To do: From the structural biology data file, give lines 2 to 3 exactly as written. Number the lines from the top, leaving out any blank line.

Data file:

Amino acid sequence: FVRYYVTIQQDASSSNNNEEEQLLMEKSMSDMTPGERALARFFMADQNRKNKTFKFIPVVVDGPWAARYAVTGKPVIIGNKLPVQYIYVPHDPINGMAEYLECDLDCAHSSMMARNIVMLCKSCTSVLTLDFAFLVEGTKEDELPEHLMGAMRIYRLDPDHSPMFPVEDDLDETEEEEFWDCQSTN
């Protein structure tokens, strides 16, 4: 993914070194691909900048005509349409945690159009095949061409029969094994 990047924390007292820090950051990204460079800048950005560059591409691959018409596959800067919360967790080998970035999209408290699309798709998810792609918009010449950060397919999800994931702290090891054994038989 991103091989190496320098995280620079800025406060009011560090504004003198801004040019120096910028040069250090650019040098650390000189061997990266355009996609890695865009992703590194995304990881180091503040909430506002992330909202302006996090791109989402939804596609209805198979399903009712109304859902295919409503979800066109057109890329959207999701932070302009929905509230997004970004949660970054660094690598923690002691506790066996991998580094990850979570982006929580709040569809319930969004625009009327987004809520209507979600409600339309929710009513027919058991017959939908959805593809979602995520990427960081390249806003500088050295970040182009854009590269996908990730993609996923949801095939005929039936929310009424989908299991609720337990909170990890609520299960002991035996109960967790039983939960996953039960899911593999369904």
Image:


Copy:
């Protein structure tokens, strides 16, 4: 993914070194691909900048005509349409945690159009095949061409029969094994 990047924390007292820090950051990204460079800048950005560059591409691959018409596959800067919360967790080998970035999209408290699309798709998810792609918009010449950060397919999800994931702290090891054994038989 991103091989190496320098995280620079800025406060009011560090504004003198801004040019120096910028040069250090650019040098650390000189061997990266355009996609890695865009992703590194995304990881180091503040909430506002992330909202302006996090791109989402939804596609209805198979399903009712109304859902295919409503979800066109057109890329959207999701932070302009929905509230997004970004949660970054660094690598923690002691506790066996991998580094990850979570982006929580709040569809319930969004625009009327987004809520209507979600409600339309929710009513027919058991017959939908959805593809979602995520990427960081390249806003500088050295970040182009854009590269996908990730993609996923949801095939005929039936929310009424989908299991609720337990909170990890609520299960002991035996109960967790039983939960996953039960899911593999369904």
Image: